Common Relationship Myths That You Need to Stop Believing Now
by Carolyn Lee Oct 28, 2019
We all need a bit of help at times when we encounter problems in our relationships. Many couples tend to rely on advice from close family members and friends.
At times, the advice received can be helpful and empowering. Conversely, advice can also be regurgitated myths that could potentially cause more damage.
We are examining a few relationships myths and why you should stop believing them now.
Myth: Having a child will fix problems in your relationship.
Food for thought: Planning a family is a desire that many couples share. However, bringing a child into a relationship that is tumultuous could create bigger problems. It helps to have a heart to heart with your partner to actively explore what’s causing the issues. If you have difficulty with objectively identifying the problems, it is wise to seek counselling.
Myth: If you need therapy, it’s not going to work.
Food for thought: One of the goals of couple’s therapy is to look at ways to enhance relationships. It can create a safe place for both parties to share their concerns about the relationship, with a professional, who can be objective and provide guidance. Therapists use strategies and activities that encourage couples to focus on better communication, cooperation and reconnecting with each other. In a nutshell, therapy is more likely to save your relationship than end it.
Myth: Happy couples don’t have disagreements.
Food for thought: Disagreements are a natural part of every relationship (intimate and platonic). Having disagreements with your partner is not an indicator that you are unhappy with your entire relationship. Disagreements can be healthy when the argument focuses on the problem. Maintaining diplomacy, respect and valuing each other’s input should be optimal. A disagreement can be an opportunity to better understand how the other person feels and to look for solutions. However, if disagreements lead to verbal and physical abuse, you may need to make changes.
Myth: Being overly possessive is a sign of love.
Food for thought: Some romantic relationships can be intense. The signs of an overly possessive partner are usually present early in a relationship but can be misinterpreted as love. Some of the signs include jealous, insecure and controlling actions that can lead to psychological, verbal and physical abuse. When a relationship is abusive, it has become toxic and lacking in love. There is a thin line between feeling loved and being controlled.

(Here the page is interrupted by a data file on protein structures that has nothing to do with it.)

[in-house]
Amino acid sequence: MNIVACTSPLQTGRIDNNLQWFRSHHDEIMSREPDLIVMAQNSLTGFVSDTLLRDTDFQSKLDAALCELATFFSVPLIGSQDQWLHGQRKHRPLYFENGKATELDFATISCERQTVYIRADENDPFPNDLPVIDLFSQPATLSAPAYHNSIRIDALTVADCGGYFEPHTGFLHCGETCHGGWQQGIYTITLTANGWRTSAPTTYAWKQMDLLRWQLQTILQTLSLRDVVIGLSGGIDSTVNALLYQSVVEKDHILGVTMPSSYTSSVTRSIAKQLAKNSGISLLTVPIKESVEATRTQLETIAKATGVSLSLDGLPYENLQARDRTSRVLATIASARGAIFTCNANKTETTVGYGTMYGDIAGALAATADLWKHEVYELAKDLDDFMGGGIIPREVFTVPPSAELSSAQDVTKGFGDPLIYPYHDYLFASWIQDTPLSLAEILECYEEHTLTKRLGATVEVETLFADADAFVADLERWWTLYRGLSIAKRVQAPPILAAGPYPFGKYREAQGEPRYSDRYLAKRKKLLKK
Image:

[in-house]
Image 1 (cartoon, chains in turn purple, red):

Myth: All men cheat.
Food for thought: Our cultural orientation has propagated, via the media and entertainment, the idea that all men are cheaters. This is not necessarily true for all men. Women are also unfaithful in relationships. The challenge is that our culture expects this of men more than it does from women. Be aware of the expectations that you bring to your relationship. If a previous relationship ended because of infidelity, you may inadvertently bring the residual effects of that relationship into a new relationship even if your partner has not shown signs of being unfaithful. If your partner makes you feel insecure in your relationship, address it. Be open and honest with each other.
Finally, relationships require a lot of love, understanding, communication and maturity. Get to know your partner. Build together and allow yourselves to make (some) mistakes and learn from them.
We hope that by sharing these myths, we have provided a few useful suggestions on how you can make your relationships work. Each relationship is different. If you need help with the issues that you experience, couple’s therapy is a great option!
Sources: Psychology Today, The Gottman Institute, Psych Central and Every Day Health.